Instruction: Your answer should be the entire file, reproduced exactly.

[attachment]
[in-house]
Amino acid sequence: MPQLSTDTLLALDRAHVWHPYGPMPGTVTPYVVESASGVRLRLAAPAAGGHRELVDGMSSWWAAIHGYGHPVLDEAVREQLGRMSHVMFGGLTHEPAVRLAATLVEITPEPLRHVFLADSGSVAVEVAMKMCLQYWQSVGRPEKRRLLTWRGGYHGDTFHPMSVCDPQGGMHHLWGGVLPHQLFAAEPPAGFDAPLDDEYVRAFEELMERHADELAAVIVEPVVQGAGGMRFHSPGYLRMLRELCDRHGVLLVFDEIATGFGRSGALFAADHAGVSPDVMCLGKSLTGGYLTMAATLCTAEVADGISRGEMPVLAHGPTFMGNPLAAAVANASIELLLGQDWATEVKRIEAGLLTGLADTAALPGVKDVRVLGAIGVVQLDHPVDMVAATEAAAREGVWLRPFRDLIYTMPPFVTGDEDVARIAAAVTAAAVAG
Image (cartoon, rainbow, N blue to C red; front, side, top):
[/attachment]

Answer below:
[in-house]
Amino acid sequence: MPQLSTDTLLALDRAHVWHPYGPMPGTVTPYVVESASGVRLRLAAPAAGGHRELVDGMSSWWAAIHGYGHPVLDEAVREQLGRMSHVMFGGLTHEPAVRLAATLVEITPEPLRHVFLADSGSVAVEVAMKMCLQYWQSVGRPEKRRLLTWRGGYHGDTFHPMSVCDPQGGMHHLWGGVLPHQLFAAEPPAGFDAPLDDEYVRAFEELMERHADELAAVIVEPVVQGAGGMRFHSPGYLRMLRELCDRHGVLLVFDEIATGFGRSGALFAADHAGVSPDVMCLGKSLTGGYLTMAATLCTAEVADGISRGEMPVLAHGPTFMGNPLAAAVANASIELLLGQDWATEVKRIEAGLLTGLADTAALPGVKDVRVLGAIGVVQLDHPVDMVAATEAAAREGVWLRPFRDLIYTMPPFVTGDEDVARIAAAVTAAAVAG
Image (cartoon, rainbow, N blue to C red; front, side, top):